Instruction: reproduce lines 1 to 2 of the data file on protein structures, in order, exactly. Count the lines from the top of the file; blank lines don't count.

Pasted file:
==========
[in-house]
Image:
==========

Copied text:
[in-house]
Image: